From Turner and William Blake to Damien Hirst and Banksy, from Edward Elgar and Andrew Lloyd Webber to The Beatles and Freddie Mercury, the list of internationally acclaimed British artists and musicians is endless. And I think it’s safe to say that we all agree that the UK is a global leader in producing creative legends J. As a nation, the UK is creative, innovative and often (amicably) disruptive (which is often a key component in sparking artistic genius) – these are qualities which are engrained in our history and have been nurtured through generations.
The UK’s creative industry has surged in the past decade, and Millenials are at the forefront of leading the boom in the industry and dictating the future direction of the creative industry. The creative industries include advertising, architecture, crafts, design, film, games, publishing, museums/galleries, music, technology and television, and official statistics from the Department of Culture, Media and Sport in 2014 showed that the creative industries are worth a whopping £71 billion to the UK economy.
The importance of the creative industries in the UK therefore cannot be underestimated. Creative arts being a core element of education in the UK has fostered and developed artistic talent and flair which has fuelled an industry increasingly responsible for the UK’s international standing. Employment in creative arts is fast exceeding the 5.6% (of all UK jobs) when last reported, and is currently providing over 1.71 million jobs. The industry accounts for 11% of the UK’s exports (take the example of the Natural History Museum’s exhibitions in over 65 countries) and is responsible for more than 10% of the UK’s GDP. The industry has been key in encouraging creative innovation and overcoming private sector reluctance to invest in what they see as ‘risky’ projects (did you know that the commercial success of War Horse was inspired from puppetry on show at the Battersea Arts Centre?), and is also associated with around 10 million inbound visits to the UK from tourists engaging with arts and culture (that equates to a huge 32% of all visits to the UK!). Furthermore, the creative industries are key to the success of the creative IT and software businesses, and as we continue to progress in a tech-dominated world, benefits to other associated industries will continue to be seen.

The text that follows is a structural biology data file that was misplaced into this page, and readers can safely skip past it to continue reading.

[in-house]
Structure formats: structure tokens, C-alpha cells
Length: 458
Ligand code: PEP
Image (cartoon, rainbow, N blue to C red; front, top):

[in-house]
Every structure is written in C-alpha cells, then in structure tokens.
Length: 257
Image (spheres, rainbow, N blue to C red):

It is the responsibility of Millenials and their future generations to keep this creative boom going. In 2014, the Creative Industries Council launched CreateUK (the first ever industry-led project to ensure growth and secure further jobs in the creative arts industry in the UK and internationally), and public funding of arts and culture is now a hot topic of contention. The UK is set to continue to be the leading global hub for creative industries in decades to come, and the industry will serve as a vital catalyst for economic regeneration of the UK.
A quote of common contention is whether Winston Churchill, when asked to cut arts funding in favour of the war effort, simply replied “Then what are we fighting for?”. Whether or not this quote is accurate is not the debating point; its value lies in evoking dialogue and initiating action on addressing the importance of creative arts to the UK’s history and future.
For further resources for those setting up their own creative arts business: